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Ko - production in Busan
  • LEE Yu-bin, Director of SHUTTLECOCK
  • by LEE Yong-cheol /  May 07, 2014
  • “I prefer a story where you can look to deep into the characters' feelings.”

    For those who learned film at school, actual filming sites pose a whole new set of problems. You have to build relationships with a variety of people and this is not always easy.  For independent filmmakers things are even harder because they are often their own film producers as well. Things were not very different for LEE Yu-bin until a few years ago. However, she solved these problems by taking part in a commercial movie, while producing and directing her film debut Shuttlecock. Fortunately, she discovered it can be fun to work together with others. Shuttlecock was warmly received at the Busan International Film Festival last year and has now just been released, ready to meet audiences.
    - Tell us how you became a filmmaker.
    I don't have any of those fabulous stories like directors who were once movie maniacs. I grew up in the countryside where there were no movie theaters, and my family got its first video player when I was in high school. Since then I fell in love with watching movies and majored in film studies at college and then at graduate school. It was only when I graduated that I seriously considered having a film career. I would say that my path to filmmaking was not very special. When I look back on the past, I tell myself, wow, you really had some guts to go for it!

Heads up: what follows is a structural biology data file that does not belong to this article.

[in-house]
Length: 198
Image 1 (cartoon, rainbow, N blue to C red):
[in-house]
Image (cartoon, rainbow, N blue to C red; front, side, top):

- Shuttlecock’s story is simple but also confusing at the same time as it goes back and forth between the pain of growing up, forbidden love, generation gap, and so on, with none really standing out as the main theme.
    When I graduated, I felt kind of empty because I thought I belonged nowhere. I had to do something by myself to soothe this feeling of emptiness and that is how I came to write the scenario for Shuttlecock. It is inspired by the Sufjan Stevens' song The Upper Peninsula, and I had a road movie in mind that would involve a limited number of people, for financial considerations. However, when I was done with the scenario, I couldn't find a way to make it, and I spent a few years in film festivals and commercial filmmaking. This made me comfortable, and I was able to freely try directing again. It would be a lie to tell you that I had a clear design on a particular theme in this film. If I have to pick one, it would be "hope", which I desperately wanted during those hard times. 
    - You are a female director in your 30s but you are telling a story of a family through a teenage boy.
    When I was writing it, I thought much more deeply about my siblings than about my parents. I am the eldest child and I have two younger siblings, so I kind of mistreated them when I was younger. I acted as though they were at my beck and call, but through a big conflict with my youngest brother, I came to think differently. His age is the same as Minjae's in the film. It might look like a trivial conflict to others, but for me, it was one of the turning points in my life. My point of view and judgment on my brother, and the lesson learned, are all reflected in the story and characters in one way or another.